FOOD prices have surged above the peak they reached during the 2008 crisis, the United Nations (UN) revealed yesterday.
The 2008 food crisis provoked food riots, the toppling of at least one government, and plunged over a billion people into hunger.
And the UN’s food price index averaged 214.7 last month, a record high that surpassed the 213.5 mark of June 2008 when prices jumped to a 30-year peak.
The index measures monthly price changes for a food basket of cereals, oilseeds, dairy, meat and sugar.
“I am feeling less optimistic than I was in November – we have not had much good news,” said Abdolreza Abbassian of the UN’s Food and Agricultural Organisation (FAO).
Nobel economics laureate Gary Becker has estimated that a 30 per cent rise in food prices over five years would cause a 20 per cent fall in living standards in poor countries.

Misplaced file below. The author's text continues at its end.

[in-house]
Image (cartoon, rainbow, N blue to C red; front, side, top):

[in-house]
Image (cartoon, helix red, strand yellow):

And the FAO estimated that domestic staple food prices in developing countries increased by 48 per cent in real terms during the 2008 food crisis.
While Abbassian does not expect a repeat of the 2008 riots, he fears high prices could be here to stay. “High prices are not going to go away and there is a strong possibility that they might remain high for two years,” he said.
Sugar, cereal and oil and fat prices experienced the sharpest jumps. Sugar and cereals both rose by 6.7 per cent in the index from November to December.
Extreme weather conditions and the surge in oil prices are partly behind the rise in the food index. Recent floods in Australia, which have covered an area the size of France and Germany, have hit the supply of wheat.
And earlier in the year droughts and fires in Russia and Ukraine, also top wheat producers, harmed supply, pushing up prices. In September the supply was damaged further after the Russian government banned wheat exports.